"It is through cooperation, rather than conflict, that your greatest successes will be derived." --Unknown
America's forests, especially in the interior West, are at grave risk. Despite the best intentions of the past, the U.S. Forest Service and many segments of American society made some big mistakes.
Aggressive suppression of all wildfires during the latter half of the 20th century has resulted, in many cases, in thicker, denser stands of thinner, smaller trees where disease and insect outbreak are all too common. According to the Forest Service, the Government Accounting Office, and independent forestry scientists, an estimated 73 million acres of national forests are on the verge of ecological collapse. The problem developed over many decades and won't be rectified in a day.
Of all the contributing factors to this unhealthy condition, none looms larger than the fact that far too many trees crowd our forests. Forests in the Southwest 150 years ago, depending on location, were up to several hundred times less dense than they are today. The moisture, nutrient reserves, and growing space needed to sustain the explosive growth of the past 85 years or so does not exist in Southwestern forests ---- and it never has.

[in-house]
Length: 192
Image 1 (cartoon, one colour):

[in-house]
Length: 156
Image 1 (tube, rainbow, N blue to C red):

It is easy and comfortable to play the blame game, but it subtly shifts our focus away from the here and now and away from what really needs to be done. It also incites division that squanders valuable time that could be better utilized working on a collaborative solution. The blame game always generates a lot more heat than it does light.
The foundation of a free nation is laid upon diverse opinion and robust debate. It is essential, however, that we restrain our ulterior motives and lay aside our personal agendas in order to re-discover the inherent and time-tested benefits of working together for the common welfare. We often busy ourselves squabbling over the arrangement of lounge furniture on the Lido deck, while the ship is sinking.
In 2001, the Payson Ranger District began implementation of a long-range, far-reaching, landscape-scale, three-pronged fuels reduction strategy. The achievable goal is to reduce catastrophic wildfire danger in the wild land urban interface, to initiate the restoration of natural ecological systems, and to develop and foster sustainable forest conditions. Since our plan's inception, we have tenaciously pursued the cultivation of relationships in order to encourage an atmosphere of understanding and cooperation with the public, as well as with other agencies and entities in Rim Country.
Since implementing our strategy in 2001, we have successfully thinned more than 8,000 acres on difficult, critical, high priority acres on lands adjacent to communities throughout our district. Additionally, we have treated more than 20,000 acres with prescribed fire. Early in 2005, we were invited to speak in Albuquerque at the Quivira Coalition's "Half Public, Half Private, One West" conference. The Quivira Coalition was formed in New Mexico to provide a positive and non-threatening forum for ranchers, environmental groups, and federal and state agencies to discuss land management issues and work toward collaborative solutions.